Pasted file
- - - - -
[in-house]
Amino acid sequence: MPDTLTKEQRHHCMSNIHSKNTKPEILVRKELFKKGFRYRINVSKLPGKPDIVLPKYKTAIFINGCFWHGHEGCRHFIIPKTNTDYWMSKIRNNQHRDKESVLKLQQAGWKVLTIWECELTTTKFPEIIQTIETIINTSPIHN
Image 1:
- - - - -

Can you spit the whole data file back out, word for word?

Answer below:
[in-house]
Amino acid sequence: MPDTLTKEQRHHCMSNIHSKNTKPEILVRKELFKKGFRYRINVSKLPGKPDIVLPKYKTAIFINGCFWHGHEGCRHFIIPKTNTDYWMSKIRNNQHRDKESVLKLQQAGWKVLTIWECELTTTKFPEIIQTIETIINTSPIHN
Image 1: